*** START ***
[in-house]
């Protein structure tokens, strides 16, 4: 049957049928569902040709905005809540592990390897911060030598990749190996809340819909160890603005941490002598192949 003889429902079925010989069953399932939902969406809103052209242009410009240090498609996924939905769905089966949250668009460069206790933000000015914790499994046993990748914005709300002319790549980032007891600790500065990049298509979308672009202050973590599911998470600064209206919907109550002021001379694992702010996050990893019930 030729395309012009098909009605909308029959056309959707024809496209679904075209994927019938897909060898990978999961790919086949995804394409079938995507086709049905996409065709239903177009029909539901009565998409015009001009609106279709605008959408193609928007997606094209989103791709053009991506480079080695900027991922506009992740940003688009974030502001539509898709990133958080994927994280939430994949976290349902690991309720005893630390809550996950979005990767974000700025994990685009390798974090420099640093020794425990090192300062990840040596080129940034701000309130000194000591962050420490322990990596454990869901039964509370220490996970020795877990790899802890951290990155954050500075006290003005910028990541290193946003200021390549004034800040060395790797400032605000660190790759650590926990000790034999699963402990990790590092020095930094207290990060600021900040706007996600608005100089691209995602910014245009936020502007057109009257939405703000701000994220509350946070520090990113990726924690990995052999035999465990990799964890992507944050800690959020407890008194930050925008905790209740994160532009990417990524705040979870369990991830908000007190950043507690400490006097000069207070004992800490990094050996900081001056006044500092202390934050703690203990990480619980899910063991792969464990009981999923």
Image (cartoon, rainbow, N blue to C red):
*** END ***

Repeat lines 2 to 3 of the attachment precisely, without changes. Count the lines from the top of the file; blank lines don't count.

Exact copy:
């Protein structure tokens, strides 16, 4: 049957049928569902040709905005809540592990390897911060030598990749190996809340819909160890603005941490002598192949 003889429902079925010989069953399932939902969406809103052209242009410009240090498609996924939905769905089966949250668009460069206790933000000015914790499994046993990748914005709300002319790549980032007891600790500065990049298509979308672009202050973590599911998470600064209206919907109550002021001379694992702010996050990893019930 030729395309012009098909009605909308029959056309959707024809496209679904075209994927019938897909060898990978999961790919086949995804394409079938995507086709049905996409065709239903177009029909539901009565998409015009001009609106279709605008959408193609928007997606094209989103791709053009991506480079080695900027991922506009992740940003688009974030502001539509898709990133958080994927994280939430994949976290349902690991309720005893630390809550996950979005990767974000700025994990685009390798974090420099640093020794425990090192300062990840040596080129940034701000309130000194000591962050420490322990990596454990869901039964509370220490996970020795877990790899802890951290990155954050500075006290003005910028990541290193946003200021390549004034800040060395790797400032605000660190790759650590926990000790034999699963402990990790590092020095930094207290990060600021900040706007996600608005100089691209995602910014245009936020502007057109009257939405703000701000994220509350946070520090990113990726924690990995052999035999465990990799964890992507944050800690959020407890008194930050925008905790209740994160532009990417990524705040979870369990991830908000007190950043507690400490006097000069207070004992800490990094050996900081001056006044500092202390934050703690203990990480619980899910063991792969464990009981999923």
Image (cartoon, rainbow, N blue to C red):